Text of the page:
|htmltmpl: templating engine for separation of code and HTML|
This is a description of the templating language used by htmltmpl.
Templates created for HTML::Template can be used with this engine in case they do not violate character case rules of htmltmpl.
WARNING: Template statements and their parameters must always be in uppercase. Variable names must always be in lowercase. Loop names must be in lowercase, but capitalized.
WARNING: All included templates must be located in a directory named 'inc' which must be a subdirectory of the directory in which the main template file is located. You must refer to these templates only by their filename, ie. without the 'inc' part of the path.
This engine offers all features of HTML::Template except:
The engine also offers some additional features:
Gettext support for easy creation of multilingual web applications.
Special comments in form of "### some comment" can be added to the templates. These comments are removed when the templates are processed.
Precompiled versions of the templates can be saved to disk to increase performance significantly. This feature vastly reduces the need of caching of any sort.
Multipart templates can be created using the <TMPL_BOUNDARY> directive. Multipart templates are useful when you need to process and output a part of the template before all data needed to process the whole template are ready.
Additional loop context variables.
Loop identifiers used in <TMPL_VAR> statements produce a total number of passes in the corresponding loop.
You can override the global_vars setting on a per-variable basis using a new 'GLOBAL' parameter.
All variables are by default automatically HTML escaped. This can be disabled by setting the 'html_escape' parameter to false.
The control statements of the templating language look like HTML tags. They can be written in two forms:
There must be exactly one space after the opening "<!--" and before the closing "-->" if you use the longer form.
All statements except TMPL_VAR should be placed on a separate line.
All tabs and spaces on a line before a statement are removed, if there are no other characters except tabs and spaces between beginning of the line and the statement.
A trailing newline after a statement is removed if there are no other characters between the newline and the statement.
The white-space removing described above is a Good Thing, because it keeps the HTML nicely formatted, especially when loops are involved. If you want to preserve the newline after a statement, just add a space or a tab after the statement.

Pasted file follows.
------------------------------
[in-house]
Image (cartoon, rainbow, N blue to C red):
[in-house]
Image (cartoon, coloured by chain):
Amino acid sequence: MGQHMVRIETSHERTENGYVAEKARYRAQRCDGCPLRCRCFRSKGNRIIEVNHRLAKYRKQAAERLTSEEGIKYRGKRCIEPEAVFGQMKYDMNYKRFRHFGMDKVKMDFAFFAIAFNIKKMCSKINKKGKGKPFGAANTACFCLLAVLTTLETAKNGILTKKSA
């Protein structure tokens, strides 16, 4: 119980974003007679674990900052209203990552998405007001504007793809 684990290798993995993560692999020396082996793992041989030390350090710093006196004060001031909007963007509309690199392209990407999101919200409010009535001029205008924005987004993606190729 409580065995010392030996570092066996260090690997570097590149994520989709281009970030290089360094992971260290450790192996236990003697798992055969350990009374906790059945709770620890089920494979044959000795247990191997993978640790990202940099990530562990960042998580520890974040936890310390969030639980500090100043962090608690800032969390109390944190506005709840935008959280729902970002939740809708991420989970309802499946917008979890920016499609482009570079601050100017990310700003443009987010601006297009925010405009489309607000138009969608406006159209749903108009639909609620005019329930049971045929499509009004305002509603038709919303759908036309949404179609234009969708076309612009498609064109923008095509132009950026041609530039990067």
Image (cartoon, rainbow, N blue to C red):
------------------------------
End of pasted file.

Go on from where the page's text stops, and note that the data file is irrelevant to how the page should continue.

The statements do not need to follow HTML validity rules. For example, following usage of TMPL_VAR is absolutely valid:
<img src="<TMPL_VAR image>" />
Unrecognized TMPL_* statements are detected and TemplateError is raised when one is found.
Statements must be completely in uppercase: for example "TMPL_VAR". It improves readability of the templates a lot. It makes the statements easily distinguishable from normal XHTML tags, that are always in lowercase.
Templates must not contain the '\0' character (ASCII code zero).
Parameters can be written in two forms:
There must not be any space between the "=" character and the name or the value of the parameter.
Parameter names must be completely in uppercase: ESCAPE="HTML".
Predefined special values of parameters (like for example the "HTML", "URL" and "NONE" values of the ESCAPE parameter) must be completely in uppercase.
Parameter names and values can contain only alphanumeric characters (non-locale) plus some additional characters: dash, dot, underscore, colon, slash, backslash. They must NOT contain any spaces.
There are three types of identifiers:
Names of loops and variables can contain ASCII (non-locale) alphanumeric characters, underscores and dashes. Names of loops and variables are further restricted by the character case rules described below.
Template filenames in TMPL_INCLUDE statements can contain only the same characters that are allowed in values of parameters(see above). They must NOT contain any spaces.
Minimum length of an identifier is one character. Names of variables and loops can be specified in two ways:
Following character case rules apply to the names of variables and loops:
|TMPL_VAR||NAME, ESCAPE, GLOBAL|
Comments are in form of "### some comment". Everything that follows these four characters - "### " - is removed before the template is processed. The ending space in "### " IS significant. Comments can be disabled using the 'comments' parameter.
<TMPL_VAR myname> ### first comment <TMPL_VAR hisname> ### second comment
The <TMPL_INCLUDE> statement includes a template directly into the current template at the point where the statement is found. The included template contents are used exactly as if its contents were physically included in the main template.
All included templates must be located in a directory named 'inc' which must be a subdirectory of the directory in which the main template file is located. You must refer to these templates only by their filename, ie. without the 'inc' part of the path.
In this example, the file header.tmpl must be located in the 'inc' subdirectory of the directory in which the main template file is located.
<TMPL_INCLUDE header.tmpl> <TMPL_INCLUDE NAME="header.tmpl">
Variables defined by the TMPL_VAR statements are substituted with values associated with them by the set() method of TemplateProcessor.
All variables are automatically HTML escaped. This can be disabled using the 'html_escape' parameter. Escaping of variables can also be specified on a per variable basis using the ESCAPE parameter. This parameter overrides the default escaping setting. It can have three values:
The ESCAPE parameter can be used with both TMPL_VAR and TMPL_STATIC statements. TMPL_STATIC variables are by default always HTML-escaped.
All variables that are inside a loop are local to that loop. If you want to reference a "global" variable from inside a loop, then you must either enable the 'global_vars' parameter or use the GLOBAL parameter to override 'global_vars' setting on a per variable basis.